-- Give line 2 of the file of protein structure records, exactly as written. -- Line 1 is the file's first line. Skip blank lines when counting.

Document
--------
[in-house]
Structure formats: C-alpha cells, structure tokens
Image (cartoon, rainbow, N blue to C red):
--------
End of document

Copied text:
Structure formats: C-alpha cells, structure tokens